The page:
The most impactful of the law’s restrictions on school choice addressed Nevada’s Opportunity Scholarship Program, interpreted as mandating that only students who had received scholarships for the previous school year would be eligible for new scholarships, and only then only from the same scholarship organization.

Another provision in SB551 eliminated the Education Savings Account program from statute.

The law in question was also harmful to Nevada’s state charter schools, with a provision that excluded them from $72 million in supplemental support for other Nevada public schools.

These three school choice programs have consistently registered by Nevadans as among the most popular among all policy programs.  In a poll published by Nevada Action for School Options during the last legislative session, seven out of ten Nevada Hispanics and African-Americans registered their support for the Opportunity Scholarship program (with support even higher among parents with school-aged children within both groups).

Among parents of school-aged children, 80 percent indicated that the Education Savings Account program, as well as Opportunity Scholarships, should be available to all families, regardless of their household income levels.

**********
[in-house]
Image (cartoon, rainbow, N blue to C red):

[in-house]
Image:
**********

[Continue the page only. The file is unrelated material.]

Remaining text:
Nevadans have also remained strong supporters of charter schools, with 70 percent of Hispanic and 69 percent of African-American respondents in support of these public school options.

These findings are aligned with numerous other scientific polls in recent years.

It can be hoped that state lawmakers, avid studiers of trends in popular opinion, will register this striking disconnect between the strong popularity of school choice programs among Nevadans and the agendas of the leaders responsible for the anti-choice measures in SB551, and look for opportunities to move toward strengthening diverse school options for more Nevada families.